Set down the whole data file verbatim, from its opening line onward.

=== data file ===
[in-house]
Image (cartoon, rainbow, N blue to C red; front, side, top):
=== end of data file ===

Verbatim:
[in-house]
Image (cartoon, rainbow, N blue to C red; front, side, top):